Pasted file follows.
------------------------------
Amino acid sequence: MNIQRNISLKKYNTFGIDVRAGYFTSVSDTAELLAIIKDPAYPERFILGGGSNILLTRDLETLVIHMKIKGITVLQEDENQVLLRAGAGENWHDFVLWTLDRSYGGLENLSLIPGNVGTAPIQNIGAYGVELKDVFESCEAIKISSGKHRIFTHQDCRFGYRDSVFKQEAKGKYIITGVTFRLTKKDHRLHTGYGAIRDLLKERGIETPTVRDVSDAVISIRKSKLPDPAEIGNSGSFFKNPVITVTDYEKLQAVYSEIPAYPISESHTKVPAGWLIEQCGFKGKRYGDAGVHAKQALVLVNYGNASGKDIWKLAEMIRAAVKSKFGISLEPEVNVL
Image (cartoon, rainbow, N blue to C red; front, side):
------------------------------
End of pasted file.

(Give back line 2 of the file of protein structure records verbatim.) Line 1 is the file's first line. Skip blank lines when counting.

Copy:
Image (cartoon, rainbow, N blue to C red; front, side):